BOSTON – Last week, the Baker-Polito Administration, state transit and local elected officials, and New Balance executives celebrated the ribbon-cutting of the new $20-million Boston Landing Commuter RailStation, privately financed by New Balance, and restoring commuter rail service to the Allston-Brighton community for the first time since the 1960s.
Today, May 22, the station opens for riders on the Framingham/Worcester commuter rail line.
The ceremony was attended by Governor Charlie Baker, Lieutenant Governor Karyn Polito, Transportation Secretary and CEO Stephanie Pollack, MBTA Fiscal and Management Control Board Members Steven Poftak and Monica Tibbits-Nutt, MBTA Chief Administrator and Acting General Manager Brian Shortsleeve, MBTA Chief Operating Officer Jeff Gonneville, Keolis Commuter Services General Manager and CEO David Scorey, Representative Michael Moran, Boston Mayor Martin J. Walsh, New Balance Chairman Jim Davis, and other state and local officials and private partner executives.
“The opening of Boston Landing Station highlights a successful collaboration between the state, city, and New Balance to expand development and transit opportunities for the Allston-Brighton community,” said Governor Baker, in a statement.
“Rewarding projects such as this one spur local economic development and community growth as we continue to prioritize investments that make our public transit system more reliable for riders,” said the Governor.
The station, located adjacent to the Massachusetts Turnpike on Guest Street, will be the seventeenth on the MBTA Framingham/Worcester Commuter Rail Line, which has undergone additional infrastructure improvements, including restored double-tracking and the replacement of more than 50,000 rail ties, to increase performance reliability and reduce heat-related speed restrictions. The MBTA’s private Commuter Rail operator and partner Keolis Commuter Services helps to identify infrastructure upgrades and implements many of these enhancements throughout the network in close coordination with the MBTA.
“Strong public and private partnerships are working together to improve reliability and transit options for the communities served by this line and the whole system,” said Lieutenant Governor Polito. “The addition of Boston Landing Station, along with infrastructure and schedule improvements, will help deliver greater performance for residents and employees of this neighborhood, and all along the Framingham/Worcester Line.”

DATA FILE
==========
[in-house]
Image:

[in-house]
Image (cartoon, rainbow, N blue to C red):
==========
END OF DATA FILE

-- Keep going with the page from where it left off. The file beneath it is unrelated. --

Construction of the $20-million station began in October 2015 and was financed by New Balance, who will continue to pay for all maintenance costs of the station for the first ten years of its service. A successful example of public-private partnerships and transit-oriented development, Boston Landing Station comes as part of the 15-acre, 2.15 million square foot Boston Landing Development site, which will at full build-out include new office, lab, retail, restaurant and open space, a 295-unit mixed-use residential complex, a 175-room hotel and the practice facilities of the Boston Bruins and Boston Celtics. Significant improvements to local public roadway and infrastructure are also planned.
“Skanska is proud to have served NB Development and the MBTA to construct the new Boston Landing train station, and to deliver sustainable, efficient infrastructure that matches the aesthetic appeal of New Balance’s world headquarters campus,” said Vice President of Operations at Skanska USA Paul Pedini, who leads the firm’s civil practice throughout New England. “Unique to construction companies in the Boston marketplace, we were able to combine our complex building management capabilities and MBTA-prequalified self-perform heavy civil expertise to safely complete this project, while facilitating the commuter and freight rail needs of the Framingham/Worcester Line.”
“MBTA and MassDOT, with the support of Governor Baker and Lieutenant Governor Polito, are committed to collaborating with external partners such as New Balance in order to provide the public with transit options,” said Transportation Secretary and CEO Pollack.“Boston Landing Station is an example of a private-public partnership that will generate jobs, encourage mass transit use, and serve as a catalyst for more economic activity in this neighborhood.”
The station features a high-level, canopied single platform centered between the eastbound and westbound tracks and includes accessible, redundant elevators and ramps. The Station is designed to provide easy access for employees, visitors, and residents of the Boston Landing development and surrounding Allston-Brighton neighborhood.
“Boston Landing is the latest example of how public-private partnerships can enhance the Commuter Rail offering for our passengers and benefit the community,” said Keolis Commuter Services General Manager and CEO Scorey. “Together with the MBTA, we look forward to continuing to dedicate resources and time to further improve both reliability and convenience. This includes initiatives such as the creation of this new station and other improvements and upgrades across the network that will help make the Commuter Rail an even more attractive option for people in the greater Boston area.”
Six morning peak hour inbound trains and six afternoon peak hour outbound trains will stop at Boston Landing Station Monday through Friday and trains running on Saturday and Sunday will make stationstops. Trips between Boston Landing and South Station are a Zone 1A fare, $2.25 for a one-way ticket and $84.50 for a monthly pass.
For more information on Boston Landing Station and the Framingham/Worcester Line, please visit mbta.com.